Numbness in Face
Bell's palsy is the common cause behind most cases of numbness in face. Loss of perception and tingling sensation in facial areas are the typical characteristic features of face numbness. Other symptoms such as swelling, losing control over facial muscles or burning sensation in face and lips are also experienced. Numbness in face can occur on a single side of your face or on both sides; this condition is a result of mild or total paralysis in the facial area. Face numbness can be either permanent or temporary.
- When an injury occurs with facial muscles and nerves, you often lose your ability to generate a movement in your face and lose sensation due to loss of perception. Similarly, an injury to nerves in the head, neck or spinal cord region responsible for facial perception can cause facial numbness. An extreme cold weather can also cause tingling sensation and facial numbness.
- Bell's palsy is one of the most common reasons behind temporary facial paralysis and numbness. The facial nerves when get inflamed due to infections such as herpes virus, meningitis etc., facial numbness is experienced.
- Trigeminal neuralgia or neuropathic facial pain leads to facial numbness, tingling sensation and pain in face. The pain is often unbearable and can induce a patient to commit suicide!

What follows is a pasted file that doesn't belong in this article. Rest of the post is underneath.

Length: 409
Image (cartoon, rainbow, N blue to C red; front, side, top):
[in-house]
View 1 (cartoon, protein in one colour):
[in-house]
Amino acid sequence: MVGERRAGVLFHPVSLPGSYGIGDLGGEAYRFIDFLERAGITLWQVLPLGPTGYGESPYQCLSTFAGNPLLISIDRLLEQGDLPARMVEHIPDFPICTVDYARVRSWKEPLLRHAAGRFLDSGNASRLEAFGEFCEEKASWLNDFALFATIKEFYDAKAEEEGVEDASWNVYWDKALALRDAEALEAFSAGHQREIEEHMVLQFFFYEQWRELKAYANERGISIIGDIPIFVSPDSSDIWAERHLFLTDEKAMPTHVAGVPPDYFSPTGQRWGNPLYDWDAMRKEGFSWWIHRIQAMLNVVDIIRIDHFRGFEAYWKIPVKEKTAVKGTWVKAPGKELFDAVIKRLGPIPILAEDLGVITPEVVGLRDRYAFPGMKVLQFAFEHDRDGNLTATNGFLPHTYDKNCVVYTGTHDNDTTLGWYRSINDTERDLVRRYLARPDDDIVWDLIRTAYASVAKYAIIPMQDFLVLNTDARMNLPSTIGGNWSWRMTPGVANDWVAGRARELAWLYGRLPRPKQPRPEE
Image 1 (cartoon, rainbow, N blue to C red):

- Multiple sclerosis causes autoimmunity that destroys protective covering over the nerves and damages them severely. When facial nerves suffer from this condition, facial numbness is evident.
- When trigeminal nerves suffer an injury due to herniated disc, a condition called pinched nerve occurs. This condition causes tingling sensation and facial numbness.
- Disorders of the CNS such as a mild stroke can cause facial numbness. Miniature strokes such as transient ischemic spasms can also cause facial numbness.
- Lack of vitamins, especially vitamin B12 and minerals such as potassium, sodium or calcium can cause facial numbness.
- When rashes caused due to shingles rupture out in the facial region, facial numbness and tingling or burning sensation is the result.
- A stroke can also lead to total facial numbness.
- Some cancerous tumors can invade nerve sheath leading to facial numbness. Breast cancer can cause loss of perception in chin.